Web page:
Traveling with these pets to/from Europe requires that a particular number be tattooed on the bodies of these pets or a chip shall be implanted on the pet by a Vet doctor which can carry the number of mentioned in the vaccination card. If you are traveling to Ireland with these pets, then the approval from Irish Department of Agriculture is a must.

Oversized Passengers: For the oversized passengers, it is recommended that they buy an additional seat for themselves. This seat will be charged at normal adult fare and the baggage allowance for a single adult applies. This becomes mandatory when their bodies extend more than 1 inch  beyond the outermost edge of armrest. However, in order to book these additional seats, you are required to do so by calling the reservations department of AA.

Children: AA classifies children as Infants (2 days to 2 years), Children ( 2 year to 12 years) and  Adults (above 12 years). All of them have their own passports and can not travel on the passport of their parents. At the same time, there is a need to show an ID carrying the Date of Birth of Child during the check-in.

Infants must be accompanied by a passenger of 16 years of age and above. Two infants for one adult passenger can travel but an additional seat ticket must be purchased for accommodating the child in child seat. There is a 90% discount on adult fare for infant who is not occupying a seat but for domestic travel within US, the seat is for free.

Children who are less than 5 years of age can not travel unaccompanied. Between 5-11 years of age, may travel alone but unaccompanied minor assistance (UNM) shall be bought. Adult fares apply for UNMs. Child are allowed to travel at 25% discount on US and international adult fares.

Adults in age range of 12-17 years can seek UNM assistance, though it is not mandatory for them.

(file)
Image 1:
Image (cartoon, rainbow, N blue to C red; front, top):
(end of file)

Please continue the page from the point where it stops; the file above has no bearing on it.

Fee for the Unaccompanied Minor Assistance is USD 150 each way. Two or more UNMs from same or immediate extended family can travel on this charge. This fee has to be paid to the reservations and can not be paid online.

Pregnant Women: AA permits travel to women up to 7 days before delivery in case of US domestic flights and flights between US and Canada, US and Puerto Rico or Virgin Islands. If the pregnancy is not complicated a medical certificate is not needed.

On the international flights, AA recommends pregnant women not to travel within 30 days of the due date of expected birth of child. If there is a need to fly, AA requires Fit To Fly certification from your doctor. If you have to travel within 10 days of due date, then there is an additional need to get required authorisation from Special Assistance Team.

Ask Your Questions Temporarily Disabled

Margaret Colleen Rosell

Posted on 02-Sep-2018
Your special assistance line is requesting only 48 hour needs. I am disabled on 2 canes and will be traveling with my electric chair which TSA approved. My question is regarding seating. I chose aisle seats, as near to front as suited my budget, on my 4 flights in I have not purchased them yet. Are special assistance seats different than those in seat assignment? I haven't flown for 20 years. I was even a travel agent in 1990. So much has changed! Thank you for your help.

Admin Reply :

The airline does have Main Cabin Extra seats for normal passengers who are looking for more comfortable journey but these are paid ones. You shall seek details on seats for special needs passengers from airline as it depends on airplane type.